Organizations that are well versed in storytelling often focus on sharing feedback stories with donors, but the Labstorm consensus was to prioritize the people from whom we received the feedback. Since we are gathering sensitive data, we need to make sure that they find value in the process:what information would they like to hear back? how they would like to receive it? And remember, don’t just ask, actually integrate this into your dissemination plan.

Communicating information back to participants in a thoughtful manner takes time and thus can be hard to fit into already tight grant timelines. However, as demonstrated at the Summit, donors are becoming more open to two-way feedback and recognize that if participants feel more respected, they are more likely to stay involved in the program. At the end of the Accountability Film School program in Liberia stakeholders at all levels (community, civil society, government, media, and foreign aid representatives) come together at a graduation ceremony to watch the films. Afterwards, the audience asks the filmmakers questions and make public commitments on how to solve the problems addressed in the films.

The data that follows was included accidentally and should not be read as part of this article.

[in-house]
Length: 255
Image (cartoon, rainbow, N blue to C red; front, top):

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These anecdotes deepened the LabStorm conversation, and resulted in a plethora of communication channels that will keep audiences engaged in lieu of long reports that few people read. Ultimately, tools and methods should be selected or designed to 1) fit the context of the local community, 2) integrate into the program in a sustainable way, and 3) build upon existing relationships of trust.

How can you apply these principles in your work? Below are possible channels of engagement, compiled from the collaborative brainstorming power of the Feedback Summit LabStorm. Let us know which of these, or others, work for you in your work. We’d love hear your ideas and feedback!

  • Eye-catching infographics that capture your most important and relevant data (there all sorts of free tools for this available online, like Piktochart);